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Media Release: The Jewel of Limpopo Becomes a Big Tourist Attraction

Date: 24th January 2012

South African National Parks officially announced that the Mapungubwe National Park and World Heritage Site has received 343 visitors to the new Interpretation Centre.

South African National Parks officially announced that the Mapungubwe National Park and World Heritage Site has received 343 visitors to the new Interpretation Centre.

The Centre is an appropriate and necessary component of the Park’s Interpretive Programme in support of tourism and multi-disciplinary conservation education.

Fhatuwani Mugwabana, Mapungubwe National Park Manager said, “Visitors that wish to go on tour will pay R40.00 an adult and R20.00 a children, visitors will also receive a discounted rate on the tour to Mapungubwe Hill when visiting the Centre”. 

The Centre which is built near the main gate of the Mapungubwe National Park won the building of the year competition in 2009 and is home to the famous Golden Rhino. The construction of the Centre is a poverty relief project using ecological methods and materials. The project agenda extends beyond presentation of the ancient and more recent history of the area to awaken an understanding of the vulnerability of the local ecology. “These objectives were manifested in the construction process of the centre during which unemployed local youth were trained,” said Mugwabana.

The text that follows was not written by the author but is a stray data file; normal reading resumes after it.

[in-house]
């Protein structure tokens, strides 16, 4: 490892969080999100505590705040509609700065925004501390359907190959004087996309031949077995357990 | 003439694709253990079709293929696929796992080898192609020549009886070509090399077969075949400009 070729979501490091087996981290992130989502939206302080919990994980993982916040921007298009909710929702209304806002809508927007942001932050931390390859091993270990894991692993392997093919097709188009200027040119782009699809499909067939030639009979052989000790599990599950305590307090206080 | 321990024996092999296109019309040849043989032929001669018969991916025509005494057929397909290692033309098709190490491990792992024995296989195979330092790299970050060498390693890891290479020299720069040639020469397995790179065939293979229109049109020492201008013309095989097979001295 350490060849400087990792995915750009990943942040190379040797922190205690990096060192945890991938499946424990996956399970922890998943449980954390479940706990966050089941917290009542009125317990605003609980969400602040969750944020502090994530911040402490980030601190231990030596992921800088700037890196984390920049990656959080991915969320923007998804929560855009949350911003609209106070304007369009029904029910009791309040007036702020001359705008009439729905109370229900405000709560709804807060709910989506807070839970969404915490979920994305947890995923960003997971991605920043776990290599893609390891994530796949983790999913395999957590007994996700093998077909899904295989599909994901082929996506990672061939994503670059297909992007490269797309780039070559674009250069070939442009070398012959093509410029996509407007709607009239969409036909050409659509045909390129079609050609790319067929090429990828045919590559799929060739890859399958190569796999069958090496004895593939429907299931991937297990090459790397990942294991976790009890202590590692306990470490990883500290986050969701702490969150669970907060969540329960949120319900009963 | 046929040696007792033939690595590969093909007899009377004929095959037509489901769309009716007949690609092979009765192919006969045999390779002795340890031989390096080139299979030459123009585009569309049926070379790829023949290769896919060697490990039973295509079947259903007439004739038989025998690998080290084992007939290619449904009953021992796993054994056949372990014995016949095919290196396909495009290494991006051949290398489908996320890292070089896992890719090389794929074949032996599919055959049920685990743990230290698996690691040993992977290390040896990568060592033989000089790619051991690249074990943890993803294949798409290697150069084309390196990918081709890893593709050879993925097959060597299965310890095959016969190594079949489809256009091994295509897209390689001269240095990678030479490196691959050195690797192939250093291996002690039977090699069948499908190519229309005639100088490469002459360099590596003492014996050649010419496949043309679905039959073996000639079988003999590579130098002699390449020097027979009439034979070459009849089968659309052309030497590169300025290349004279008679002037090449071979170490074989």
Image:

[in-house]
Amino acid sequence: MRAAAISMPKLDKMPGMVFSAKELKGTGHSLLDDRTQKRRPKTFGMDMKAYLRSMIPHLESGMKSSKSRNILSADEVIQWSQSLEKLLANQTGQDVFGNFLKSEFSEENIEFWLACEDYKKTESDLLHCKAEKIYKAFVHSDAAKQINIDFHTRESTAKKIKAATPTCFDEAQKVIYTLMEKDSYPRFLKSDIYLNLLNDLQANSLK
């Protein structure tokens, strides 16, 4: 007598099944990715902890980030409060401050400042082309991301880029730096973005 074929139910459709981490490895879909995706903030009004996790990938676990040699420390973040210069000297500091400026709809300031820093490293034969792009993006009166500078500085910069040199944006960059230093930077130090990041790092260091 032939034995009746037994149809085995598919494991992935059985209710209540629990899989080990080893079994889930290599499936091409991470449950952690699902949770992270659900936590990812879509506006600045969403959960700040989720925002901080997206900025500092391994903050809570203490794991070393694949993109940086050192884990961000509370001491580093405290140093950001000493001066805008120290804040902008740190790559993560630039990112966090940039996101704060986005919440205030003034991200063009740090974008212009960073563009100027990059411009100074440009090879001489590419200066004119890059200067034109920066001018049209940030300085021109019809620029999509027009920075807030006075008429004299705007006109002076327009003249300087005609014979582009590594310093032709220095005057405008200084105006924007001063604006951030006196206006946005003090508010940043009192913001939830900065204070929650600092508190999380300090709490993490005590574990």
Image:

The Mapungubwe Cultural Landscape has been occupied by diverse groups for over 500 000 years. Between about 900 and 13000 AD it was the centre of the first powerful indigenous kingdom in Southern Africa and laid the foundation for subsequent class-based and settlement patterns in the region. The landscape retains evidence of the lives, values and belief systems of those who inhabited it, the interactions between them and others, and the environment.

The Centre will provide both day and over-night visitors the opportunity of a tour, showcasing the amazing landscape that the National Park has to offer. “We urge all South Africans to visit the Interpretation Centre to gain a deeper understanding of the rich history of Southern Africa,” said Mugwabana .

Issued By:
Cassius Selala: Communications Officer
South African National Parks
Tel: (012) 426-5195 or 083-9857-816 Email: Cassius.Selala@sanparks.org

Enquiries:
Reynold Thakhuli: General Manager Media; Events and Stakeholder Relations
South African National Parks
Tel: (012) 426-5203 or 073-373 4999 Email: Reynold.Thakuli@sanparks.org

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